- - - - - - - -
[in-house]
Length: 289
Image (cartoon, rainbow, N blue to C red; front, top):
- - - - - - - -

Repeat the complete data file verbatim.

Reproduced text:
[in-house]
Length: 289
Image (cartoon, rainbow, N blue to C red; front, top):